A deadly tornado roared into southeast Alabama Sunday, part of a severe storm system that caused catastrophic damage and unleashed other tornadoes around the Southeast. (March 4)
First responders in southeast Alabama hunted for survivors Monday after a devastating tornado killed at last 23 people, smashed homes and toppled power lines and a massive steel cell tower.
The tornado Sunday was part of a powerful storm system that also ripped through parts of Florida, South Carolina and Georgia. In Alabama, Lee County Sheriff Jay Jones said dozens were injured and the death toll could rise as recovery operations progress.
“Houses completely destroyed, basically just slabs left where once stood a home,” Jones said. “The contents of one residence we know for a fact were located over a 1,000 yards away, so we’ve go a very wide storm track.”
Lee County Coroner Bill Harris said he had to call in help from the state because there were more bodies than his office could handle.
Local resident Jeremy Daniel Norton told CNN the storm seemed to roll in without warning, smashing homes and power polls “like toothpicks.”
“This just came on so quick and changed so many lives,” he said. “It’s really sickening.”
Numerous injuries were reported with more than 40 patients at the East Alabama Medical Center by Sunday evening, the hospital said.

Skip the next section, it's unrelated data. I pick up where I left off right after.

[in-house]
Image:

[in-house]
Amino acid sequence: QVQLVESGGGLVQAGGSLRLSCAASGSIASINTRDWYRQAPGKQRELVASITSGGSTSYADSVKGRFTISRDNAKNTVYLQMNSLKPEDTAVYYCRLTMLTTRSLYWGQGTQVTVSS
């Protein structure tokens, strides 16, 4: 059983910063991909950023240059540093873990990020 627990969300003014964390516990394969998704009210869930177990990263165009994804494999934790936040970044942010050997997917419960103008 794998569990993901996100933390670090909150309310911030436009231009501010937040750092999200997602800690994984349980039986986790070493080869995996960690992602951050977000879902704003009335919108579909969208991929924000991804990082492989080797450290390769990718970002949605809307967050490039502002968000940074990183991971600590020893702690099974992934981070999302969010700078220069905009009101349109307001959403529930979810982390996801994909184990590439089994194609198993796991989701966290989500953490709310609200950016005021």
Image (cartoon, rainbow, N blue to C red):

The tornado was an F-3, the National Weather Service said, considered “severe” with wind speeds reached 158 to 206 mph. It tore a path of destruction at least a half-mile wide through part of the county 60 miles from Montgomery, the weather service said.
“These families have lost everything they have,” Jones said.
In Georgia’s Talbot County, emergency officials initially reported six to eight minor injuries. No seriously injured or dead were found in damaged mobile homes or buildings Sunday night, emergency management spokesperson Ann Erenheim said.
More than 35,000 customers in Alabama and Georgia lost power Sunday following the tornadoes, strong winds and severe thunderstorms, AccuWeather said. Crews are expected to continue restoring electricity as they survey damage to other utilities.
No tornadoes are expected Monday or through the rest of the week, the Storm Prediction Center said. AccuWeather meteorologist Kristina Pydynowski said, however, that colder air will sweep into the Southeast behind the severe weather. Temperatures dropping into the 30s southward to central Georgia and across most of Alabama
“Those without power who rely on electric heat need to find ways to say warm,” she said.
President Donald Trump weighed in on Twitter: “To the great people of Alabama and surrounding areas: Please be careful and safe. Tornadoes and storms were truly violent and more could be coming. To the families and friends of the victims, and to the injured, God bless you all!”
Contributing: The Associated Press
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